Model-Based Characterisation of Organic and Aqueous Tablet Film Coating Processes: Parameter Estimation and Risk Management

Thursday, October 20, 2011: 12:50 PM
Symphony III (Hilton Minneapolis)
Salvador García Muñoz1, Mary T. Am Ende2, Mark A. Pinto3 and Sean K. Bermingham3, (1)Process Modeling & Engineering Technology, Pfizer Global Research and Development, Groton, CT, (2)Pharmaceutical Development, Pfizer Global Research and Development, Groton, CT, (3)Process Systems Enterprise, London W6 7HA, United Kingdom

Tablet coating is an important processing step in the pharmaceutical industry in which tablets are coated with an aqueous or organic film coating for both aesthetic and functional reasons.

Mathematical models of tablet film coating are important in pharmaceutical development as they aid in design of experiments, scale-up and determining optimal process conditions as formulations change. A universal steady-state film coating model has previously been developed (am Ende, Berchielli, 2005) with the aim of providing process engineers with a means of predicting target operating conditions for optimization, scale-up and robustness studies. In that work, the model was validated with experimental conditions and the predictions obtained were found to be in good agreement with data not used for model validation.

In this study, the steady-state model was first validated against steady state plant data using gSOLIDS (Process Systems Enterprise, UK). It was found that starting with one experiment, as experiments were added, the 95% confidence interval decreased rapidly reducing to less than 10% with four or more experiments.

Figure 1: Change in estimated value of heat loss factor as experimental data is added

In order to quantify whether sufficient data was used for model validation, the 95% T-value was compared to the reference T-value. (If the 95% T-value is greater than the reference T-value, this indicates that sufficient data was used to for model validation). The results obtained indicated that at least three experiments are needed to accurately estimate the unknown model parameter. This was consistent with the results obtained for the 95% confidence interval which was more than 50% when only two experiments were used.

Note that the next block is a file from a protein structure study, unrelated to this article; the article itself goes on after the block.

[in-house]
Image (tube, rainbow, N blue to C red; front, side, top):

Figure 2: Changes in reference and 95% T-values as experimental data is added

As indicated by the 95% confidence intervals, the estimated value of the model parameter is not a perfect estimate. Therefore in order to determine a reasonable estimate of the model prediction a Monte Carlo simulation was carried out. In this simulation several instances of the model were run with each instance having the unknown model parameter sampled from a normal distribution centred at the parameter estimate and with a standard deviation obtained from the 95% confidence interval. The results from these numerous simulations were then averaged to obtain an estimate of the model prediction. In addition, the results from these simulations were used to obtain a 95% confidence interval on the model predictions. The results obtained indicated that the model predictions were in good agreement with the experimental data used for parameter estimation. Further, given the confidence interval of the estimated value of the model parameter, the standard deviation of the model prediction was much smaller than that of the data indicating that the predictions of the model vary very little with respect to the uncertainty in the parameter estimate.

Figure 3: Comparison of model predictions with experimental data

A similar analysis was conducted using dynamic data. In this case however, although the data used for parameter estimation was deemed sufficient, the quality of the fit was quantified as being unsatisfactory even if several experiments were used. This indicates insufficiencies in the model which is expected as a steady state model was used to study dynamic plant data.

In summary, the results presented above indicate that with relatively few steady state experiments, an accurate estimate can be obtained of the unknown model parameter in the steady state film coating model. The model predictions were found to be in good agreement with the experimental data. The uncertainty in the model parameter was quantified and it was found that the model predictions were relatively unaffected given the uncertainty in the parameter estimate.

The analysis presented above is generic and can be used to quantity uncertainty in any mathematical model. This information can be especially useful as it can be used to quantify the risk associated with decisions made using these mathematical models. Further, the rigour of the analysis helps determine whether more experimentation is needed or whether further model development is needed (or possibly a combination of both).


M. am Ende, A Berchielli (2005) A thermodynamic model for organic and aqueous tablet film coating. Pharmaceutical Development and Technology, 1:47-58


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